Godwin Tsa, Abuja
The Director-General of the National Broadcasting Commission (NBC), Dr. Ishaq Moddibbo Kawu, has been docked over alleged misapplication of the N2.5 billion seed grant for Digital Switch-Over (DSO) programme of the Federal government.
Others arraigned with Kawu were the Chairman of Pinnacle Communications Limited, Mr. Lucky Omoluwa, and the Chief Operating Officer of the same company, Mr. Dipo Onifade.
They were, however, granted bail in the sum of N100m each and two sureties each in the like sum after entering a plea of not guilty to all the 12-counts charge brought against them by the Independent Corrupt Practices and Other Related Offences Commission (ICPC).
Justice Folasade Ogunbanjo Giwa who admitted them to bail, however, gave them 10 days within which to perfect the conditions attached to their bail or risk being remanded in prison custody.
While ruling on their bail applications, Justice Giwa said she was admitting them to bail based on the provisions of Sections 35 and 36 of the 1999 Constitution which presumed the defendants innocent of the alleged offences until proved otherwise.
She further relied on Sections 158, 159 and 162 of the Administration of Criminal Justice Act (ACJA) 2015.
Justice Giwa said two of the sureties must be federal civil servants not below the rank of Grade Level 17 who must show evidence of tax payment within three years period.
One of the sureties must reside within the Federal Capital Territory (FCT), with landed property and must deposed to an affidavit of means.
In addition, the court directed the prosecution to verify the addresses of the sureties.
On the part of the defendants, the court has barred them from travelling out of the country without obtaining the permission of the court.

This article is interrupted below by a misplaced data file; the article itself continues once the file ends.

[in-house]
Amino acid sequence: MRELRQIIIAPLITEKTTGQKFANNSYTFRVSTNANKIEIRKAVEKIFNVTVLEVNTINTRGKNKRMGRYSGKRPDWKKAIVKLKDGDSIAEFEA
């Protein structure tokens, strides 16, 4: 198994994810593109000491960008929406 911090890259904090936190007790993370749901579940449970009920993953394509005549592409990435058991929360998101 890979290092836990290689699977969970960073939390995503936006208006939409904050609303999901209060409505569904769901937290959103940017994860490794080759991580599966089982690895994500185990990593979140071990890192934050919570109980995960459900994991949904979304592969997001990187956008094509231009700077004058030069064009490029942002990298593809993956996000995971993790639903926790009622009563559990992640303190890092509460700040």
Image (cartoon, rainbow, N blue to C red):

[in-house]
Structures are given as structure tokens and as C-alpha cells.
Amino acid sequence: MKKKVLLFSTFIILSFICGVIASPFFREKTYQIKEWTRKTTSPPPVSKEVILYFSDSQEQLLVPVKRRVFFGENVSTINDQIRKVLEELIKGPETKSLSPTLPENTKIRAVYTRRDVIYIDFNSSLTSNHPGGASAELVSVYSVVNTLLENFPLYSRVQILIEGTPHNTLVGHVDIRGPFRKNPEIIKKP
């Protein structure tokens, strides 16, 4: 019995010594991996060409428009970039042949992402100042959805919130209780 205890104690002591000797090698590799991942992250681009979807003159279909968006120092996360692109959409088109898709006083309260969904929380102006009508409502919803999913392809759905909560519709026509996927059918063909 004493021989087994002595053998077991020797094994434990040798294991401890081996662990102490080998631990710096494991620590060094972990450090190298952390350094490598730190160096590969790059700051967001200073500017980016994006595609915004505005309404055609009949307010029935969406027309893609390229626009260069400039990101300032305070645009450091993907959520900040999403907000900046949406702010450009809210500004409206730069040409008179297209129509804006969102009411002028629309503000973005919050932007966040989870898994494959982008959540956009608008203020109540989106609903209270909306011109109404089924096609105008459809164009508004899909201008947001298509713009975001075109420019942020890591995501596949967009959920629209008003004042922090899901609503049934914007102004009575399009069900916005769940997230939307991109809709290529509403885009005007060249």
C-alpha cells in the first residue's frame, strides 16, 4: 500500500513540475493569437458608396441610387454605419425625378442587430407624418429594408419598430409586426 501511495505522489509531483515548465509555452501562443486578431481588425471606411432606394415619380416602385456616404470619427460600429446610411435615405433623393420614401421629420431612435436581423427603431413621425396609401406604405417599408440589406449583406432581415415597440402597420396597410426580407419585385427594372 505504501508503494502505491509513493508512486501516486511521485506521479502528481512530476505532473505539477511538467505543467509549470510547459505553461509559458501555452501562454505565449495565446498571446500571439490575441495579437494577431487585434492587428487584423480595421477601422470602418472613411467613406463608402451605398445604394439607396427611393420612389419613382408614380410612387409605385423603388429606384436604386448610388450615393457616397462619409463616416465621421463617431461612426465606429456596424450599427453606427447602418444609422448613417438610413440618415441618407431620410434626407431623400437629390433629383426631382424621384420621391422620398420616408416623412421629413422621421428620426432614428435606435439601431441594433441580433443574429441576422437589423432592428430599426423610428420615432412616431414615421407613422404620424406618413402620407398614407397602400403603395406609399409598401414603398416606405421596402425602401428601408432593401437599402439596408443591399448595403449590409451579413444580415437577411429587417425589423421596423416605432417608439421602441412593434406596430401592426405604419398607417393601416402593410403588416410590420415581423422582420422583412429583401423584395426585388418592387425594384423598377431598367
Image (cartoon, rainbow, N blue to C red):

Justice Giwa also ordered them to deposit their International Passports with the Director of Litigation of the Federal High Court, Abuja.
The judge said in the event the defendants inability to meet up with their bail conditions within ten working days, they should be taken into prison custody until the conditions were met.
After the charge had been read to them by a clerk of the court, the prosecution counsel, Henry Emore, applied for the commencement of trial.
But counsel to the defendants, Abubakar Mustapha, SAN; Dr. Alex Izinyon (SAN) and A.V. Etuwewe, all moved applications for the bail of the defendants.
While Mustapha appeared for Ishag Modibbo; Dr. Izinyon appeared for Dipo Onifade while Sir Lucky Omoluwa, Etuwewe appeared for Pinnacle Communications Ltd.
They urged the court to admit their clients to bail pending trial as the alleged offences were ordinary bailable in nature.
Although the prosecution counsel, Emore, had opposed the bail applications filed by Modibbo Kawu and Omoluwa, on the grounds that they breached their administrative bail, the court nevertheless granted them bail.
Kawu and his co-defendants are facing a 12-count charge bordering on abuse of office, money laundering and misleading a public officer with the intent to defraud the Federal government, in contravention of Section 19 of the Corrupt Practices and Other Related Offences Act, 2000.
The Presidency had in 2016, released N10 billion to the Ministry of Information and Culture for the DSO programme and a White Paper was issued directing how the process should be executed.
Based on the guidelines provided by the White Paper, two companies were nominated to handle the process, one of which was ITS, an affiliate of the Nigerian Television Authority (NTA). N1.7 billion was released to it as seed grant for the commencement of the switch-over.
It was alleged that Kawu fraudulently recommended Pinnacle Communications Limited, a private company, to the Minister of Information and Culture, for the release of N2.5 billion against the guidelines contained in the White Paper.
As a result, the Independent Corrupt Practices and Other Related Offences Commission (ICPC) filed charges against him and his accomplices.
Out of the 12-counts, Sir Omoluwa is standing trial on counts six, seven, eight, nine, ten, eleven and twelve.